• Affects PSP record. The driver's safety history remains for 36 months as part of the PSP (Pre-Employment Screening Program) record, which could be seen by prospective future employers. The PSP is a voluntary program, though, so drivers must consent to allow prospective employers to see the record (although some carriers may require it as a condition of employment). Current employers can't view the PSP record at all.

What triggers an inspection?

What triggers roadside inspections? The majority of them result from speeding or other observable defects. So, by driving safely and attentively, you protect your driving record and can even avoid the effort and time lost by some roadside inspections.

What triggers a roadside inspection
Chart Source: Truckload Carrier Association/RAIR webinar, 11/09/2010

The benefits of clean roadside inspections (no points) are many. Good inspections improve the record for both you and your employer, and they demonstrate a commitment to safety for both as well. This commitment leads to a better safety reputation for your employer as well as employment opportunities for you.

What is "Driver Fitness?"

Driver Fitness is one of the seven categories of BASICs under CSA, and it is the most frequently misunderstood. While it may sound like a measurement of your physical fitness, that is not the focus of this BASIC. Driver Fitness is more than just having proper medical certification. It's about having the qualifications, experience and endorsements you need to drive (such as a valid CDL).

Does this BASIC have restrictions based on weight or BMI (Body Mass Index)? No. Driver Fitness has nothing to do with weight, Body Mass Index (BMI), neck size, or even a diagnosis of sleep apnea. (That said, you should always carry a copy of your medical certification with you when you drive. You might even think of having it laminated for added durability.)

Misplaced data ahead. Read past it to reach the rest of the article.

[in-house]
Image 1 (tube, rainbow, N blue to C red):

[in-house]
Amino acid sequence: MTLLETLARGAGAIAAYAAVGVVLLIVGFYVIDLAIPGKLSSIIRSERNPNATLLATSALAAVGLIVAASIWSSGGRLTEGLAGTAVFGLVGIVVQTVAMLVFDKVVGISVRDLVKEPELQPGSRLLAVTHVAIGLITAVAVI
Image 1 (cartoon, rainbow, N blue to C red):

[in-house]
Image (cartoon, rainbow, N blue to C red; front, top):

Click here for details about points for Driver Fitness.

What are the "Red Flag Violations?" (The Big 12)

FMCSA 2010 Red Flag Violations During investigations, safety investigators look at driver histories of the worst violations of FMCSA's regulations. In particular, they look at 12 so-called "Red Flag Violations", or "The Big 12". According to the FMCSA, they always investigate these 12 items to determine if the issues have been corrected.

There are now 12 Red Flag Violations, although FMCSA says the list can change anytime.* The table below details them, along with both the BASIC and the regulation each violates.

BASIC

FMCSR Part

Violation Description

Driver Fitness 383.21 Operating a commercial motor vehicle (CMV) with more than one driver's license
Driver Fitness 383.23(a)(2) Operating a CMV without a valid commercial driver's license (CDL)
Driver Fitness 383.51(a) Driving a CMV (CDL) while disqualified
Driver Fitness 383.91(a) Operating a CMV with improper CDL group
Driver Fitness 391.11 Unqualified driver
Driver Fitness 391.11(b)(5) Driver lacking valid license for type vehicle being operated
Driver Fitness 391.11(b)(7) Driver disqualified from operating CMV
Driver Fitness 391.15(a) Driving a CMV while disqualified
Controlled Substances/Alcohol 392.4(a) Driver uses or is in possession of drugs
Controlled Substances/Alcohol 392.5(a) Possession/use/under influence of alcohol less than 4 hours prior to duty
Fatigued Driving (HOS) 395.13(d) Driving after being declared out-of-service (OOS)
Vehicle Maintenance 396.9(c)(2) Operating an OOS vehicle
*To double-check the current list of Red Flag violations at any time, check the FAQs on the FMCSA's web site web site, available at http://csa.fmcsa.dot.gov/FAQs.aspx?faqid=1409.


Carrier Performance Scores
FMCSA 2010 BASICs
Glossary of CSA 2010 terms and acronyms
FMCSA 2010 Resources
Hit the High Points Challenge
Hit the High Points Challenge

Scores

BASICs

Glossary

Resources

Quizzes